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Heritage Arts Build-A-Picture – Teacher's
Create a Booklet

Kids Grades 4 & up

Booklets are a great way to finish up a project. A booklet can keep the pieces of a project together and help give it a sense of importance. Putting together a booklet can also help young students learn about the process of making books and encourage a greater respect for them.

Here is a suggested set of steps for finishing off the Heritage Arts Build-A-Picture Activities by creating a booklet:

1) Print out Heritage Arts Build-A-Pictures & poems
Ask students to print out their completed Heritage Arts Build-A-Picture pictures and poems as they create them and keep them in a special place until they are ready to assemble them into a booklet.

2) Make additional pages (optional)
Here are some ideas for additional pages:

A title page – This can include the name of the project, student's name, date, teacher and/or school's name.

A dedication page – Books can be dedicated to a family member, a teacher, a friend, or even an idea. A dedication page could be as simple as: This booklet is dedicated to … or it could have a short poem and/or illustration.

An introduction – This could include student's thoughts on New Hampshire history or traditional arts.

More information on the tradition(s) – Older students can use resource links from the Learning Center's NH Folklife Essays section to research more information and ideas. They can print out the essays or write a page based on what they have learned.

More poems – Poems by other students or published poets can be added.

More pictures – Pictures of the traditional art forms from other sources (from magazines, their own drawings, etc.) can be added.

3) Make a front & back cover
A cover adds beauty and protection to a booklet. It is best to use a heavy paper to give the booklet some strength. Students can use pieces of cardboard, mat board, cover stock paper or specialty papers available at office, craft, or fine art supply stores.

The front and back cover can be two separate pieces, each 8 1/2" x 11", or it can be one sheet of paper folded in half (17" x 11" for an 8 1/2" x 11" finished booklet).

Typically, the front cover of a booklet has the title of the project and the student's name and some kind of artwork or design. The back cover can be blank or have the date of the project. Another idea is to ask each student to write a few sentences about themselves and put this on the back cover and call it "About the Author."

It is fun to put a design on the both the front and back covers. Special treatments can include:

A drawing – It is best to use a non-water soluble paint or marker. Crayons, pencil, pen, or permanent ink are more durable for a cover.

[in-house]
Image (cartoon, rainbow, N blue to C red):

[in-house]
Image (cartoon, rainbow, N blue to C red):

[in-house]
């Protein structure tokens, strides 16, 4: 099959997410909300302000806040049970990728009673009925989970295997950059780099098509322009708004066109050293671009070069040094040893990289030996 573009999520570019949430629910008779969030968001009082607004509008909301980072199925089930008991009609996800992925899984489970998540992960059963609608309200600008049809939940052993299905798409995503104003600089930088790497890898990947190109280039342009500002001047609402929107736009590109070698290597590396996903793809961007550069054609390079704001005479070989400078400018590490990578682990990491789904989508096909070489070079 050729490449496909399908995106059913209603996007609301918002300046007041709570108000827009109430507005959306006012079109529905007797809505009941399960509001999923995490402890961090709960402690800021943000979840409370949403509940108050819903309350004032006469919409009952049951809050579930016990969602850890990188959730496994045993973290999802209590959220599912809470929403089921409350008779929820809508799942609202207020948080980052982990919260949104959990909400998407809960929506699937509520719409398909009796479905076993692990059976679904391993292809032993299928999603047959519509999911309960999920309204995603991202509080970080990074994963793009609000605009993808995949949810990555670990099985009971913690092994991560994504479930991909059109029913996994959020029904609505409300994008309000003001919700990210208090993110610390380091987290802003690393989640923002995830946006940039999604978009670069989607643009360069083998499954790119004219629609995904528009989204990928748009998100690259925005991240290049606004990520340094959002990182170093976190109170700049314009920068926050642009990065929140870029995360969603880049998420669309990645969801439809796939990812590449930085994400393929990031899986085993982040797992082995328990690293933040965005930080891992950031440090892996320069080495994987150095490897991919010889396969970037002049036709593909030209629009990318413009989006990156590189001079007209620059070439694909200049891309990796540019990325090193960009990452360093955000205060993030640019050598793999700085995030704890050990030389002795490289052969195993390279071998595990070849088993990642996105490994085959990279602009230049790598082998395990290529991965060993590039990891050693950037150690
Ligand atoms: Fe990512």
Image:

A pattern or border – These can be made with a stamp. Stamps are available at office, craft and fine art supply stores. Homemade stamps can be made by carving potatoes or cutting up thin sponges. You can use an ink pad or inks made for linoleum block printing.

Glued items – Flat things work best on a booklet. Possibilities include cut out pieces of colored paper, yarn, string, or pieces of fabric. Things that are too bumpy, like dried seeds, rice, or beads tend to fall off easily and make it hard to keep the booklet on a shelf with other books.

4) Assemble all contents

  • make sure everything is in order
  • number the pages in the top right or bottom right

5) Bind the Pages Together
Binding the booklet will keep all the pages together. In commercial book binding, there are three basic methods:

Saddle stitch binding – In this method, staples go down the center fold of the booklet. This binding is usually for magazines, small publications or brochures.

Glued bindings – In this method, pages are glued to a paper or woven fabric spine. This method is used for thicker publications like books.

Sewn bindings – In this method, pages are actually stitched together and through a woven fabric spine. This is the most durable and expensive method and is used for books.

For a school project there are many different and creative options. Three methods are outlined below. For all three, use a ruler to make a light pencil line along the left edge of the booklet to create a margin (about 3/8" to 1/2" in from the left edge) to serve as a guide.

Staple – Staple every inch or so along the margin line.

Tie – Use a hole punch to make three or four holes equally spaced along the margin line. Make sure not to punch holes to far in so the contents of the booklet are damaged! Use colored string or thin ribbon to tie knots or bows in each holes.

Sew – Use a hole punch to make 12 to 13 holes equally spaced along the margin line. Use a heavy duty needle and yarn or very thick thread to sew stitches in and out through the holes. The student can double back to alternate the stitches to make it stronger. The string or yarn can be tied off at the end.

New Hampshire State Council on the Arts
19 Pillsbury Street - 1st Floor, Concord, NH 03301